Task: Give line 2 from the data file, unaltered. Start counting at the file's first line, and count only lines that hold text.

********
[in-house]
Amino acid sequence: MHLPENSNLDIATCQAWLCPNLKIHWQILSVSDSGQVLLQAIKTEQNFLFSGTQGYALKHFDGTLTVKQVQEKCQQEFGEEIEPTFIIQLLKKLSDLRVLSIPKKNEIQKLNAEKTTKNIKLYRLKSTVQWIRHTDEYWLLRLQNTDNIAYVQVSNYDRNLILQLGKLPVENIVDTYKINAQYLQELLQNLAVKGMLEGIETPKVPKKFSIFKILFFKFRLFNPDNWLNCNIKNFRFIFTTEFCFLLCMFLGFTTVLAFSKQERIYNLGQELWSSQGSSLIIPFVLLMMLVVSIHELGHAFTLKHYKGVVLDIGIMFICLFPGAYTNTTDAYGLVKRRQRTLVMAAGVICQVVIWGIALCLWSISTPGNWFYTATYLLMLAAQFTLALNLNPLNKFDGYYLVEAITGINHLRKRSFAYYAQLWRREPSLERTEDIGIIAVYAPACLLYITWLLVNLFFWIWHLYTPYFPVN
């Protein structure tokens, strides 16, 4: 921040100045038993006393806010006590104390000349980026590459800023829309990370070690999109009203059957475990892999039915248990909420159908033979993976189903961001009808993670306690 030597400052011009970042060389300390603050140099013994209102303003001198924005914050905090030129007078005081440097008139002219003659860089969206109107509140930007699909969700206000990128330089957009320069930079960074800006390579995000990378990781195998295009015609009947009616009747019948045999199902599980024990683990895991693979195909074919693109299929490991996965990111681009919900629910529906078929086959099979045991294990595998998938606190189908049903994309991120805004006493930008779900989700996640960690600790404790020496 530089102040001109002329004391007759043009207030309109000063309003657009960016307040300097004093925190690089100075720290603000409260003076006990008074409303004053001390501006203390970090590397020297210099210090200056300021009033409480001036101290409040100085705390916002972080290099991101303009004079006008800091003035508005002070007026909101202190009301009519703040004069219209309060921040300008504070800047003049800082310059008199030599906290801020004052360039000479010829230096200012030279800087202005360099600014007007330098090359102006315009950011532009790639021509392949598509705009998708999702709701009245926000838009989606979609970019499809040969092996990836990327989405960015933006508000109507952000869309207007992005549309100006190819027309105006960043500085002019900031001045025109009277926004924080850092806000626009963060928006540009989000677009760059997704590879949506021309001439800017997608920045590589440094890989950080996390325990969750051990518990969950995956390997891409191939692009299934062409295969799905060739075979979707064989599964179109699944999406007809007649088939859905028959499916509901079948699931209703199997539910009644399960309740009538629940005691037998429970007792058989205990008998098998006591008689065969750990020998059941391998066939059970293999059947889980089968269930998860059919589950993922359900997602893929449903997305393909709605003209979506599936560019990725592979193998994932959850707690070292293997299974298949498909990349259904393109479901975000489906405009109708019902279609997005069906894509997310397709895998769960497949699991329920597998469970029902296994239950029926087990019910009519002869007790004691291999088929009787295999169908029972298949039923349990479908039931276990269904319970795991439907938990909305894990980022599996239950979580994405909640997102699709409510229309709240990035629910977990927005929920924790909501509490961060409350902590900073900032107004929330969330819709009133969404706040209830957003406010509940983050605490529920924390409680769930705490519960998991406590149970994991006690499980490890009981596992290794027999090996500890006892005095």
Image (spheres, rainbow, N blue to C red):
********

Amino acid sequence: MHLPENSNLDIATCQAWLCPNLKIHWQILSVSDSGQVLLQAIKTEQNFLFSGTQGYALKHFDGTLTVKQVQEKCQQEFGEEIEPTFIIQLLKKLSDLRVLSIPKKNEIQKLNAEKTTKNIKLYRLKSTVQWIRHTDEYWLLRLQNTDNIAYVQVSNYDRNLILQLGKLPVENIVDTYKINAQYLQELLQNLAVKGMLEGIETPKVPKKFSIFKILFFKFRLFNPDNWLNCNIKNFRFIFTTEFCFLLCMFLGFTTVLAFSKQERIYNLGQELWSSQGSSLIIPFVLLMMLVVSIHELGHAFTLKHYKGVVLDIGIMFICLFPGAYTNTTDAYGLVKRRQRTLVMAAGVICQVVIWGIALCLWSISTPGNWFYTATYLLMLAAQFTLALNLNPLNKFDGYYLVEAITGINHLRKRSFAYYAQLWRREPSLERTEDIGIIAVYAPACLLYITWLLVNLFFWIWHLYTPYFPVN